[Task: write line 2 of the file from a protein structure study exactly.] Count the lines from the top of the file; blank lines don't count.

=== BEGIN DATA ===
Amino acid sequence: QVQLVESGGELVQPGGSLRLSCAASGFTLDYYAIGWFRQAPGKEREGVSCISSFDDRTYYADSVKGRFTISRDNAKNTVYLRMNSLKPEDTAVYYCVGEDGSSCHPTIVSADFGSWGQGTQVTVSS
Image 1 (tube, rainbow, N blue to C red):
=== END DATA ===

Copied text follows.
Image 1 (tube, rainbow, N blue to C red):